40 percent of Swedish teenagers say they are on special diets. The corresponding numbers in Denmark are 23 percent and 30 percent in Finland.
A new Nordic study conducted by Ipsos on behalf of Arla, shows that Scandinavian teenagers – and especially the Swedes – challenge ordinary food habits and choose special diets instead. For example, eating vegetarian, vegan or gluten- and lactose-free food.
It is especially the girls who are on special diets. In Sweden 46 percent of the girls in the study say they follow a certain diet. But even though many teenagers state that they eat a special diet, they do not always live up to it. For example, one-third of those who described themselves as vegetarians also said they had eaten chicken last week. This leads to the conclusion, that the diet in many cases is a choice of lifestyle rather than strict guidelines for what to eat.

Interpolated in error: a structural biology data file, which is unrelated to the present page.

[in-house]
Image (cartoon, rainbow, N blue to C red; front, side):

Elin Boll, Ph.D. and nutritionist at Arla Sweden, says that many of the Swedish teenagers are influenced by their parents who also choose new food habits, but many teenagers also get their inspiration through friends and influencers.
– Many young people seek information about diet and health, which is positive as long as the information channels are correct. If you exclude parts of the diet, you must be careful, that you are not going to lack certain nutrients, Elin Boll says.
The survey took place in July / July 2020. 1500 teenagers, representatively selected in Sweden, Denmark and Finland, participated in the online survey. Read more HERE